Can antiviral agents help immune systems fight mosquito-borne dengue?

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Aedes aegypti. Credit: UF / IFAS Photo Jim Newman

Can dengue virus be prevented by using antiviral agents such as antibiotics and vaccines? Before considering that step, scientists at the University of Florida are investigating whether the mosquito’s immune system can be adequately affected to fight the virus as a control method.

Ultimately, UF / IFAS scientists are looking for ways to prevent Aedes aegypti from becoming infected. Dengue virus..

In a new study, scientists at the UF / IFAS Florida Institute for Medical Insectology (UF / IFAS FMEL) investigated how Aedes aegypti’s immune system responds when exposed to two antiviral agents. ..Scientists have gained a coveted insight into seed physiology, that kind of physiology Immune system The next step in developing new control strategies to respond to drugs against the dengue virus and prevent people from getting sick.

Research co-author Chelsea Smart said, “We will be able to identify mosquitoes that can promote or stop the replication of the virus and use processes to prevent humans from becoming infected with the disease. I wanted to. ” He is an associate professor of molecular biology and biochemistry at UF / FMEL in Vero Beach.

To achieve that goal, researchers Autophagy Aedes aegypti mosquito.. Autophagy occurs in living organisms at the cellular level. It’s the body’s way to wipe out damaged cells and regenerate newer, healthier cells. It reduces the chances of getting some illnesses and prolongs their lifespan.

In the case of infections, autophagy can destroy bacteria and viruses. It plays a role in immunity.Dengue infection has been shown to cause autophagy Path, This enhances human viral replication.

“We’re trying to discover genes or molecules that make vaccines that help control mosquitoes from getting sick in humans,” says Smartt.

According to Smartt, the ultimate goal is to deliver the vaccine from a feeding station that attracts mosquitoes.

Autophagy is a pathway that plays a role in maintaining cell health and involves multiple interactions within the cell, says Tse-Yu Chen, lead author of a study published in Parasites & Vectors. Doctoral Candidate During research at UF / IFAS FMEL.

“Scientists in this field believe that autophagy is an important pathway involved in human dengue virus replication, so they are interested in understanding the interaction of the autophagy pathway with the mosquito virus transmission cycle. There was, “said Chen, the current postdoc. Yale University. “Finding antiviral candidates from this route that can stop the infection cycle shows that the virus may be controlled at an earlier stage.”

In this study, scientists used two commonly prescribed drugs to combat human infections, rapamycin and 3-methyladenine. Previous studies have shown that both affect the mammalian autophagy pathway. Researchers will introduce drugs to determine whether to activate or suppress the autophagy pathways of Aedes aegypti-infected cell lines, respectively.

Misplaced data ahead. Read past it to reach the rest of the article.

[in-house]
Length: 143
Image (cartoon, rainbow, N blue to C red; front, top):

“Most studies of mosquito-borne pathogens look at the virus later in the infection cycle. We wanted to see what was happening in the early stages of infection to end viral replication.” Smartt says.

“If we can help mosquitoes get rid of the virus before it replicates, mosquitoes will not be enough carriers to infect humans with the pathogens that cause the disease,” Chen said. “That’s why it’s important to focus on the autophagy pathway at an early stage. The drugs we used in our studies are already established and more stable in developing mosquito vaccines. . “

After a two-day snapshot, rapamycin treatment mixed with mosquito cells blocked the virus’s ability to replicate. Scientists compared this finding to untreated control cells, Smartt said.

“Experiments have shown that some autophagy genes helped block viral replication,” Smartt said. “They will be genes to study for the future as vaccine candidates.”

“Autophagy plays an important role during mosquito dengue infection,” Chen said. “We need to validate the role of autophagy in Aedes aegypti, but cell data are autophagy, mosquitoes, and virus.. We continue to assess the potential of rapamycin as a mosquito vaccine and hope that good news will come soon. ”


Eating sugar can infect mosquitoes and impair their ability to infect arboviruses


For more information:
Tse-Yu Chen et al, Activation of the autophagy pathway reduces dengue virus infection in Aedes aegypti cells, Parasites and vectors (2021). DOI: 10.1186 / s13071-021-05066-w

Quote: Can antivirals help the immune system fight mosquito-borne dengue? (December 7, 2021) December 7, 2021 Obtained from https://medicalxpress.com/news/2021-12-antiviral-agents-immune-mosquito-borne-dengue.html

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